As I always state in the 50-miler training course I teach for Boy Scout adult leaders:

Blisters and minor injuries account for far more abandoned trips than do major disasters!

It would be a real tragedy to get over to Nepal, set off on your trek, and 2 or 3 days in, have to get evacuated and head home with blistered, bleeding feet, capped with black nails.

Expensive, yes, but is it better to spend 2 or 3 travel days and a few hundred bucks (including the cost of new, properly fitting boots) or to chance having an evacuation and abandoning the trip plus the hassle of getting the travel insurance people to pay off and still losing the cost of the flight and guide service (as I have found when I had to do a change of plans due to a political situation which closed the airport, the travel insurance people have built in plenty of loopholes to avoid paying off).

"Oh, you had blisters before from your boots? Sounds like a pre-existing condition! Claim denied!"

7:20 p.m. on February 17, 2012 (EST)
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I hear you BillS. Gonna look into it now.

7:37 p.m. on February 17, 2012 (EST)
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Called over to Berkley and they don't suggest coming. They told me to go try superfeet in the boots and get the tincture of benzoine. They said they would not do more than that anyway and that the fitter does not work weekends so no sense in coming. I will go in and see about the superfeet tomorrow.  Also may pick up another pair even another size larger. Feet swelling may make the 9.5's too tight at altitude......how would I know how my feet will react at altitude?

8:45 p.m. on February 17, 2012 (EST)
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Oh! Didn't realize you weren't using footbeds (other than the "placekeeper" ones the manufacturers put in during shipping). Yes, try Superfeet. I use them in all my boots. Remember that there are several different "colors" (coding for different characteristics). The "green" are the ones most people find work well for hiking, although there is a slightly more cushioned one ("copper") recently introduced.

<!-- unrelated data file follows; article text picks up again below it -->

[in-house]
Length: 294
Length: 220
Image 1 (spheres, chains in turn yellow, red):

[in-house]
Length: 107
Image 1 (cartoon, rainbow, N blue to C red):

The benzoine is to hold the moleskin, Spenco 2nd Skin, or whatever protective cover you are putting on the hotspots before the blisters develop.

I assume  (wrongly?) that you are using a thin wicking sock inside a thicker insulating/cushioning sock (merino wool from SmartWool or FITS).

The blacktoe may just come from your foot sliding forward in the boot. This can be minimized by proper lacing. The toe box should allow room for your toes to wriggle. The lacing from just over the arch to just above the arch should be a lock-lace (backward half-hitch on each hook) and fairly tight to hold the heel in place (the heel cup of the Superfeet helps also holding the heel in place). The top lace should also be hooked with a lock-lace, but can be a little looser to allow your ankle to flex forward with each step.

As Ed noted about the toes hitting the end of the boot, this might be because the boot is too short (should be a couple finger thicknesses from the end). One way to judge this is to put your foot into the fully unlaced boot without socks and slide your foot all the way forward until the toes touch the end. Then stick your fingers into the boot behind the heel. There should be 1.5 to 2 fingers space behind the heel.